Dispirited: How Contemporary Spirituality Makes Us Stupid, Selfish, and Unhappy

C4Chaos shared the following link recently, which I thought would be relevant to members of this group. 

How Contemporary Spirituality Makes Us Stupid, Selfish, and Unhappy

What inspired you to write Dispirited?


The opening line of the book has raised some eyebrows, and some friends felt it ought to go, but it really seemed to capture the emotional motivation for this project:

When someone tells me that they are “Not religious, but very spiritual,” I want to punch them in the face.


Of course, I go on to note that I resist such temptations—for reasons of ethics and cowardice. However, this annoyance was something I wanted to investigate. Why did it wind me up so much?

This was combined with other factors. Partly it was frustration at writing scholarly, detailed academic work—which hardly anybody read. I wanted to do something with a more accessible tone, but that was still about ideas that interested me.

Thinking about my aggressive grumpiness led me to read lots of new-age and mind-body-spirit catalogues. This didn’t help. In many ways I became more and more annoyed by some of the materials and adverts that I encountered. However, I was convinced that these cultural phenomena were worthy of critical investigation.

My annoyance really peaked when I read through these catalogues, and saw that the endless sessions advertised in them all seemed to sit happily side-by-side. Yet if you literally believed the metaphysical and empirical claims they made and implied, they were more often than not logically incompatible. There seemed to be an illogical almost anti-rational and extreme open-mindedness. No claim, no matter how preposterous or unfeasible, seemed to be unacceptable—and to question the claims was seen as either spiritually naïve or as being locked into some kind of pro-conflict, old-religion mindset of harsh exclusivism. For me, when looking at particular new-age material this ‘everyone is right, all paths are valid’ approach was not only untenable and intellectually insulting, it all too often edged into smugness.

So I complained. I moaned to my friends. It’s usually only in conversation that you can see where an idea might lead, so in many ways this book was born in the beer gardens of Cheltenham pubs. And from my friends telling me to shut up and write it down if it bothered me that much.

[Interview continues here.]

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Indeed. We see some of my criticisms of kennlingus therein, with the latter's inner focus and therefore specious criticism of political activism as pomo relativism. Which is also part of what I'm railing about in the OOO thread concerning such inner, phenomenological 'states,' which seem not to be just part of an overall integral metatheory but the origin of such a theory. For example, consciousness per se as THE altitude in any-every kosmic address, discussed before. Also the kennilingual adherence to conscious capitalism, an outgrowth of the "capitalist form of religion" Webster discusses.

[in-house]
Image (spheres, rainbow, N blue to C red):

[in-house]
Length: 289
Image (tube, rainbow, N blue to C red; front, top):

Yes, definitely his critiques line up with some of those you and others have voiced here over the years.  He has a blog where he takes up some of these issues and questions: Dispirited.

I will post more later, but looking at a few blog entries on the above-linked site, I notice he deals with a few issues I have also explored in recent writings (the question of the validity of multiple paths, the mystical universalism of New Age / perennialist spirituality, etc).  The immediate difference I see is that he appears to be arguing for an atheist-materialist view of reality as Reality, and does not appear to recognize or appreciate the "enactive" orientation we explore here.  But I say that with some reservation; I'll read more and will comment again then.

His 5/10/12 blog post, quoting Zizek. Sound familiar?

"New Age ideologists...silently impose a 'pure' procedure of Zen-like spiritual meditation as the 'whiteness' of religion. The idea is that all religions presuppose, rely on, exploit, manipulate, etc., the same core of mystical experience, and that it is only 'pure' forms of meditation like Zen Buddhism that exemplify this core directly, bypassing institutional and dogmatic mediations. Spiritual meditation, in its abstraction from institutionalized religion, appears today as the zero-level undistorted core of religion: the complex institutional and dogmatic edifice which sustains every particular religion is dismissed as a contingent secondary coating of this core. The reason for this shift of accent from religious institution to the intimacy of spiritual experience is that such a meditation is the ideological form that best fits today’s global capitalism."


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